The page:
International sporting events are supposed to be about unity and sportsmanship, qualities that bring the global community together. But sometimes the human cost of staging these events is too much to ignore. While Qatar, host of the 2024 World Cup, has been accused of human rights abuses of its migrant workers, this year's host is dealing with some serious problems of its own.
Brazil will host the FIFA World Cup this summer and the Summer Olympics in 2016. In preparation for two of the biggest sporting events in the world, authorities in Rio have been staging massive "clean-ups" that many believe amount to serious human rights abuses. Around 19,000 families near development sites have been forced to relocate with little notice or compensation. Violence has risen in the area, leading to deadly clashes between gangs and the police.
As with Sochi and Qatar, neither FIFA nor the International Olympic Committee have chosen to address these events. Quite simply, the slums of Rio have turned into war zones, and innocent people are getting caught in the conflict. Here are 13 photos that show how Rio is transforming in the lead-up to the World Cup:
The Rio police had a shootout in February in the Juramento slum, killing six suspected gang members. One police officer died.
There have been "pacification" operations put in place, with armed troops and federal police patrolling local slums to quell violence.
Police occupation of these slums have been going on since 2010, but local drug lords have been increasingly striking out in retaliation.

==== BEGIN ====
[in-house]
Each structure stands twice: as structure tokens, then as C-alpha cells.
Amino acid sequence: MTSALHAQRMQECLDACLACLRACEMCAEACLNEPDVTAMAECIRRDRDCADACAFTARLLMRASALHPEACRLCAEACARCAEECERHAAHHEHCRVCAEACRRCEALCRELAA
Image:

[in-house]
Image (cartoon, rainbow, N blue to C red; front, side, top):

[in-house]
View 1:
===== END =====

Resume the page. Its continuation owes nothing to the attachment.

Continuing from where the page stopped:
Currently, there are 38 pacification units and 9,000 officers occupying these slums. More are expected in coming weeks and months.
The pacification units have been installed in 174 favelas, which are home to around 600,000 people.
Gang retaliation has grown worse in recent months, with multiple attacks on police bases in the favelas. Five officers have been killed since February, and three police stations were set on fire last week.
The Rio state governor has called in the army to reinforce police bases.
On Sunday, the task force occupied Mare, one of the most notorious hotbeds of organized crime. Over 1,000 officers were involved in the operation.
Around 130,000 people live in Mare. It is also home to a large drug-trafficking ring, and the task force was able to seize hidden drugs and weapons during its initial sweep.
Mare also happens to be located near the international airport and is one of the areas targeted by the government to clean out before the World Cup.
Innocent residents have been caught in the middle of the firefight. "People are afraid to stay out at night. The later it gets, the more shootings and confrontations you hear. Nobody knows what will happen next," said Hercules Ferreira Mendes, a favela complex leader.
While some residents have welcomed the crackdown on gang violence, others believe that the police is just as bad. More than 20 officers who were involved in an operation in Rocinha are now facing charges for the torture, disappearance and presumed death of a slum resident.
"Those of us who live here are stuck between the gangs and the police; we don't know who is really going to control this place," said one teenage resident.